April 5, 2007
Attorney General Corbett announces grand jury report of investigation into misconduct by officials in Haverford Township, Delaware County; Criminal charges filed against commissioner
HARRISBURG - Attorney General Tom Corbett today announced the findings of an extensive statewide grand jury investigation into allegations of misconduct by public officials in Haverford Township, Delaware County, including the filing of criminal charges against township commissioner Fred C. Moran by the Attorney General's Public Corruption Unit.
Corbett said the grand jury investigation began in November 2004 following a referral from the Delaware County District Attorney's office concerning possible violations of state law during the marketing and sale of the former Haverford State Hospital, located in Haverford Township. That 212 acre property was sold to the township by the Commonwealth of Pennsylvania in September 2002 with the agreement that at least 120 acres of undeveloped open space would be reserved for public recreation.
The grand jury found that between September 2002 and November 2004 certain public officials in Haverford Township ignored their duty to keep the public and fellow elected officials informed about official actions concerning the state hospital property, intentionally operating in secret in order to further their own private political ambitions and insure that development of the site would remain closely within their control.
Corbett said the grand jury also found that other township officials who were aware of these secret activities chose to remain ignorant of the details or remain silent about the misconduct of their colleagues.
Additionally, the grand jury found that many of Pennsylvania's statutes intended to provide public information about governmental actions, such as the Sunshine Act, fail to adequately protect the public interest. The grand jury recommended significant strengthening and clarification of the Sunshine Act, along with more severe penalties, in order to discourage public officials from violating the law and disregarding the public's right to access and information.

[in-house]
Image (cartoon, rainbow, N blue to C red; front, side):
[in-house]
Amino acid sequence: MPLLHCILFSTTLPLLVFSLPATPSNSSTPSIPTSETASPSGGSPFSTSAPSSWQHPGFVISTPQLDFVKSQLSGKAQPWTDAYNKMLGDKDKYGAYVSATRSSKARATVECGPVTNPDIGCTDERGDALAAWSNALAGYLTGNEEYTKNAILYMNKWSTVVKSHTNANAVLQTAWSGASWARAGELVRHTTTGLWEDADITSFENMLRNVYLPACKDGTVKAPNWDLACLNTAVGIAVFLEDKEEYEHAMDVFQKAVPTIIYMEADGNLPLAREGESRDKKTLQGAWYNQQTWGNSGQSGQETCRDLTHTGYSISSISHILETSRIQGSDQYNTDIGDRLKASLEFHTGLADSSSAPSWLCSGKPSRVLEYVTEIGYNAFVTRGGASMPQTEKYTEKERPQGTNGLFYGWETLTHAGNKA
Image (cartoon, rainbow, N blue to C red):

"This case demonstrates the efforts that some public officials will make to advance their own private interests at the expense of the public's right to be informed," Corbett said. "It also clearly shows that Pennsylvania's Sunshine Act and other related laws are ill-equipped to combat this problem and are desperately in need of enhancement."
Corbett said the grand jury made the following conclusions about the conduct of members of the Haverford Township Board of Commissioners:
Corbett said the grand jury made the following recommendations concerning the Pennsylvania Sunshine Act and other regulations:
Corbett said that the detailed grand jury report concerning alleged misconduct by Haverford Township officials, along with recommendations for enhancements to the Sunshine Act and regulations for public officials, is available for review on the Attorney General's website. Additionally, copies of the report will be filed as public record with Court of Common Pleas in Dauphin and Delaware counties, and delivered to members of the Pennsylvania House of Representatives, the Pennsylvania Senate, the Haverford Township Board of Commissioners, the Secretary of the Commonwealth and the District Attorney of Delaware County.
Corbett said that in addition to recommending sweeping changes to Pennsylvania's public meeting laws, the grand jury also recommended the filing of criminal charges against Haverford Township Commissioner Fred C. Moran, 61, 2717 Prescott Road, Havertown.
Moran is charged with one count each of bribery in official and political matters, theft by deception and theft by unlawful taking, all third-degree felonies punishable by up to seven years in prison and a $15,000 fine. Additionally, Moran is charged with one count of obstructing the administration of law or other governmental functions, a second-degree misdemeanor punishable by up to two years in prison and a $5,000 fine.
Moran was preliminarily arraigned on Thursday, April 5, 2007, before Broomall Magisterial District Judge John P. Capuzzi and released on $10,000 unsecured bail. A preliminary hearing is scheduled for April 26, 2007, at 9 a.m., before Havertown Magisterial District Judge Elisa Lacianca.
The case will be prosecuted in Delaware County by Senior Deputy Attorney General E. Marc Costanzo of the Attorney General's Public Corruption Unit.
(A person charged with a crime is presumed innocent until proven guilty.)
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